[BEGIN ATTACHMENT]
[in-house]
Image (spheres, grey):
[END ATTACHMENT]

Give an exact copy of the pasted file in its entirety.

[in-house]
Image (spheres, grey):